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‘Dragged Across Concrete’ Review: Mel Gibson And Vince Vaughn Are Terrific In Brutal But Riveting Crime Drama

'Dragged Across Concrete' Review: Mel Gibson And Vince Vaughn Are Terrific Brutal Riveting Crime Drama

I have been watching closely the career of writer-director S. Craig Zahler, who tackles different genres with a style and ferocity not often seen these days. He did that to the western format in the cult hit Bone Tomahawk and followed up with an equally brutal peek into the prison system in Brawl in Cell Block 99. Now he takes on the crime format with a fervor that few filmmakers seem willing to try anymore.

Zahler also takes risks in these action formats by putting the brakes on the obligatory relentlessly paced playbook most of them follow, focusing instead on character relationships and development while taking his time to put all the pieces of his story together. That certainly is the case with Dragged Across Concrete, a two-hour, 38-minute violent but pulsating crime drama starring Mel Gibson and Vince Vaughn as suspended detectives dipping dangerously into the other side of the law and giving two of the best performances of their careers.

Far from the cop of his Lethal Weapon days, Gibson plays Brett Ridgeman, a grizzled veteran of the force now teamed with a much younger partner, Anthony Lurasetti (Vaughn), with both suspended for several weeks without pay after video of an overzealous encounter with a suspect goes viral and becomes media fodder. This sends Ridgeman a bit over the edge as he is trying valiantly to also deal with his family including a daughter being bullied at school and a wife (Laurie Holden) with MS and limited capacity. He convinces his reluctant partner to join him in a scheme to basically rob a robber, drifting into the netherworld of small-time crime with the idea that stealing from a bad guy is the answer to his problems. But unfortunately they pick the wrong target and get far more than they bargained for as their little crime intersects with a big bank job headed by Lorentz Vogelmann (Thomas Kretschmann), a vicious villain  who is about as sick as they come. Among his co-horts are Henry (Tory Kittles) and Biscuit (Michael Jai White), two black men who forced to drive the getaway van and disguise themselves as white.

The venture into a dark criminal underworld by these two cops looking for a payout they can’t get on their own job takes on lots of twists and turns along the way, but Zahler lets his script and the action breathe in generous ways you don’t often see in the genre. Each character beginning with Henry and his personal life is fully defined in long scenes establishing multiple storylines. Zahler, in fact, isn’t afraid to slow down the trajectory of the film at any given point in order to focus suddenly on a completely new character,. This happens midway through the film when we meet Kelly Summer (an excellent Jennifer Carpenter), a young mother who finds it impossible to leave her newborn baby with her husband on the day she must report back to her bank job after a three-month maternity leave.

How seemingly disconnected scenes like this figure in the bigger picture of Dragged Across Concrete is skillfully handled by Zahler, who might be closest in style to John Boorman or Michael Mann, especially the Boorman of Point Blank (remade by Gibson at one time) and the Mann of the Robert De Niro/Al Pacino classic Heat. Suffice it to say that by the time of the ultimate confrontation, we know all of these people very well and are completely invested in their lives and how fate has brought them all together. I couldn’t turn away.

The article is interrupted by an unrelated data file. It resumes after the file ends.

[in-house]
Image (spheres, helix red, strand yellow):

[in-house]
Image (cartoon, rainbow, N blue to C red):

It is easy to see why Gibson was attracted to this role. The film has all the vividly brutal hallmarks of past Gibson projects, both in front and behind the camera, and the Ridgeman character is a perfect fit: a lived-in cop now at the end of his rope. He’s sensational, and once again we see the acting magnetism of this star whose personal life got in the way for a while, but he’s certainly back where he belongs. Vaughn, who co-starred for Gibson in his 2016 war drama Hacksaw Ridge, also has a perfectly tailored role to follow up the star turn he did for Zahler in 2017’s Brawl in Cell Block 99 (which also starred Carpenter). He plays a guy hoping to propose marriage start a family but also willing to be lured into something he knows might lead to no good. The chemistry between these two fine stars is palpable.

Kittles has the other major role and brilliantly holds his own with these two guys in an ever-shifting landscape. Don Johnson turns up for one protracted, very well-written scene as the police lieutenant who hands his former partner Ridgeman the devastating suspension, noting the reality in current times where the “digital” eye is everywhere. This is a film in which even the smallest roles have meaning, and for that Zahler (who also wrote some of the songs used on the soundtrack) deserves a lot of credit. Keith Kjarval, Sefton Fincham, Jack Heller, Tyler Jackson, and Dallas Sonnier produced. The film had its world premiere at the Venice Film Festival in September and will be released by Lionsgate/ Summit on Friday in select theatres and VOD. If you ask me, a wider more traditional kind of release would be better. It is violent and tough to watch at times but never less than compelling. Watch my video review with scenes from the film by clicking the link above.

Do you plan to see Dragged Across Concrete? Let us know what you think.




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